In the dark early morning of February 5 of 1958, a B-47 Crew commanded by Air Force Colonel Howard Richardson left from Homestead Air Force Base in Florida to conducted a simulated combat mission for training. It was carrying a 7,600 pound Mark 15 nuclear bomb. In airspace nearby, Air Force Lt. Clarence Stewart was piloting his F-86 fighter jet. He didn’t see the B-47 on his radar and at approximately 2am, the two aircraft collided. With the wing missing from his small fighter jet, Lt. Stewart ejected and parachuted to safety in a swamp. For the B-47 bomber, their fuel tanks had been heavily damaged and were leaking fuel. Colonel Richardson didn’t know if he could land the bomber without the nuclear bomb detaching and detonating. He made the choice to ditch the bomb in the waters off Tybee Island in Georgia. He was able to land the plane safely at Hunter Air Base in Savannah. But that bomb landed in the Atlantic Ocean near Wassaw Sound. And as far as we know…that’s where the bomb rests, undetonated, today.
Just over one month later, on March 11 of 1958, it was the middle of the afternoon in Mars Buff, South Carolina, when six year old Helen and nine year old Frances Gregg were playing in their yard with their cousin Ella. Suddenly, a whistle from the sky and a huge explosion.
Here’s what happened. Captain Earl Koehler was piloting a B-47E Stratojet 15,000 feet in the sky over South Carolina. The crew was scheduled to fly to the United Kingdom and continue on to North Africa. This was part of an ongoing training mission to track the accuracy of mock bomb drops. Except the bombs on board were very real. Tensions with The Soviet Union were at a height and the Cold War was becoming less cold by the day. For this reason, the aircraft taking part in this training mission, ominously dubbed Operation Snow Flurry, carried live nuclear bombs in case war broke out during the missions. The bomb being carried by Captian Koehler’s B— 47 that day was similar in size to the one lost in the Atlantic in February – a 7,600 pound Mark 6 nuclear bomb.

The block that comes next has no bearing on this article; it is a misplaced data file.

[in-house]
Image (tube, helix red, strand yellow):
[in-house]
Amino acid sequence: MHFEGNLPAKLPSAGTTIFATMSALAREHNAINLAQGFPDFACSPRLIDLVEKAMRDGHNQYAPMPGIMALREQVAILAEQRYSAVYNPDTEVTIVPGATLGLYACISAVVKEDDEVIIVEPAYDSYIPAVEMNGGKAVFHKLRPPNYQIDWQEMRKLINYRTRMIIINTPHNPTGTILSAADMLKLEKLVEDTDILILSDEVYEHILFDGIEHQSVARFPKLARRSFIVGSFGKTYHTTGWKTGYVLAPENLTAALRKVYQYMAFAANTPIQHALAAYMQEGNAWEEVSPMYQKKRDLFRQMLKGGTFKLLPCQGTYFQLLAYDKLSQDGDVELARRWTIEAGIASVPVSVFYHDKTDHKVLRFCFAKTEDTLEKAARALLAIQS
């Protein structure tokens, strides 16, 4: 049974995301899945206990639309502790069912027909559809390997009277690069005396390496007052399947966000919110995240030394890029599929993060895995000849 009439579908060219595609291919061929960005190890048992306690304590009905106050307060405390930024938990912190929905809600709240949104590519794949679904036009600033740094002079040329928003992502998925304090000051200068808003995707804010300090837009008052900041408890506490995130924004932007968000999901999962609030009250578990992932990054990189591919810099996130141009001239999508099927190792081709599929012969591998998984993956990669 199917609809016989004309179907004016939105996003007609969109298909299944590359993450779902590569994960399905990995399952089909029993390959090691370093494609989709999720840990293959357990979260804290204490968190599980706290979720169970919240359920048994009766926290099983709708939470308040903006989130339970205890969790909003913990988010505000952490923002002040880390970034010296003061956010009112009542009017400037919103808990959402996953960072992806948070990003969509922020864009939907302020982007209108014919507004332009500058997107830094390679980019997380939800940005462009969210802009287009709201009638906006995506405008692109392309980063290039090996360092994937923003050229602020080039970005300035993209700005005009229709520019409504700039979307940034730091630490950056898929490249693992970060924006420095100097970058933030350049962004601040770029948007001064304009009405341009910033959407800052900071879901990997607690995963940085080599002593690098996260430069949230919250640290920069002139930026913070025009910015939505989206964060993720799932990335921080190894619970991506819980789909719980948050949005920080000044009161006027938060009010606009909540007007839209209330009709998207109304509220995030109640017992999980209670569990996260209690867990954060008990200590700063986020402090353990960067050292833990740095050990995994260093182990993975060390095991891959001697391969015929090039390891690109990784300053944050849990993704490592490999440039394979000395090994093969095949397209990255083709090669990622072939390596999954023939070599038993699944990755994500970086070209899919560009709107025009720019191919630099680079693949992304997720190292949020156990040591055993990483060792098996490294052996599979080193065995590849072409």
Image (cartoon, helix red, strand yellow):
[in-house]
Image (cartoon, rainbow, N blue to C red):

The first indication of a problem that day was when Captain Koehler noticed an indicator light telling him that a bomb harness locking pin did not engage. This wasn’t the mechanism that held the bomb in place – it was an added safety measure. It was one of a few steps to secure it to the plane. When he noticed this indicator, the bombardier and navigator, Captain Bruce Kulka scrambled to the bomb bay area of the aircraft to check it out. As he reached around the bomb to lift himself up, he accidentally grabbed hold of the one thing he shouldn’t have. The bomb’s emergency release mechanism. <audio?> This dropped the full weight of the ten foot long, 7,600 pound bomb, along with Captain Kulka, onto the Bomb bay doors. The bombardier desperately reached his arm out to grab onto something. The bomb, however – weighed too much for the doors. He looked down through the open doors and watched in horror as the bomb started falling 15,000 feet to the land below.
The three children playing below at the Gregg house would have had no idea that the bomb was coming toward them. The Mark 6 nuclear bomb detonated 200 yards from the children. All three were injured, but none were killed. Luckily for those children, and for Mars Bluff, South Carolina, and for the South Eastern part of the United States, the nuclear capsule was not on the bomb. The capsule, which contained the fissile nuclear core, was still on-board the aircraft and hadn’t been loaded into the bomb housing.
Even so, that bomb was carrying enough explosives to blow a crater into the ground that was 70 feet wide and 30 feet deep. In addition to injuring the three girls playing, it obliterated their playhouse, injured their mother, father and brother, and damaged seven nearby buildings.
After the incident and the victims’ recovery, the Gregg family sued and was awarded $54,000 in damages. If you visit Mars Bluff, South Carolina, you can still see the crater today. It’s overgrown with trees and brush, but the site is marked with a historical marker.
As for the bomb dropped outside Tybee Island in the Atlantic Ocean? Throughout the years, the military has mounted efforts to locate the bomb – even as recently as 2004. But to this day, it’s one of 6 American nuclear weapons that have been lost and never found.